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F. SCOTT FITZGERALD wrote a novella about a diamond the size of a mountain. However, the massive diamonds discussed here yesterday aren’t fictional. These Type II diamonds are real, with tales involving the likes of French kings, English Queens, a thief here and there, and Mickey Mouse.
For instance, the Hope Diamond is 46 carats in its most recent cut, about the size of a pigeon egg. Perhaps discovered in India prior to 1653, the original larger stone may have been bought–or stolen–by Jean-Baptiste Tavernier, who sold it to French King Louis XIV to adorn a cravat pin. Subsequent owners included other French and British royalty; at least one thief; a London banker Henry Phillip Hope; an American musical theater actress; several jewelers, one of whom might have bought it for a Turkish Sultan; heiress Evalyn Walsh McLean and, currently, the Smithsonian National Museum of Natural History.
There are tales of the Curse of the Hope Diamond. Beyond the mystique, it’s often the case of an erstwhile owner dying–of old age 40 years later.
Like the Hope, other Type II diamonds were considerably larger in their original uncut state. The Koh-i-Noor Diamond was rough, colorless and 793 carats when discovered in India, possibly in the 13th century. By 1852, Britain’s Prince Albert wanted more pizzazz for his Queen Victoria and ordered the gem refashioned from its first-cut 186 carats to a new oval cut. The result is a 106-carat stone, part of the British Queen Mother’s Crown.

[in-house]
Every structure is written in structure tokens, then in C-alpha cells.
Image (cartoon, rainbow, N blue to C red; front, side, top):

Governments of India, Pakistan, Iran and Afghanistan have claimed ownership of the Koh-i-Noor, but the Brits maintain they won it fair and square when they showed ’em what for in 1849.
In May 2016, the 813-carat Constellation set a record for the highest price for a rough diamond, $63.1 million. It was discovered in Botswana in the Karowe Mine operated by Canada-based Lucara Diamond. The Karowe Mine has yielded an even larger diamond, the Lesedi La Rona, at 1111 carats.
The 3107-carat (1.4-lb.) Cullinan Diamond has been the largest gem-quality rough diamond found so far. It was discovered on January 26, 1905, in the Premier No.2 Mine in Cullinan, South Africa. The Cullinan has been cut into significant gems, including Cullinans I through IX. Two of these are part of Britain’s Crown Jewels. Others are privately owned by Queen Elizabeth II, inherited in 1953 from her grandmother, Queen Mary, along with what Wikipedia calls ninety six “minor” stones.
The F. Scott Fitzgerald novella The Diamond as Big as the Ritz is a parable of wealth, greed and ultimate control. A young man encounters a rich family with a terrible secret, with terrifying results. The novella was source for a 1947 Orson Welles radio play, a 1955 Kraft Theater TV production and a 1956 Mickey Mouse feature. ds
© Dennis Simanaitis, SimanaitisSays.com, 2017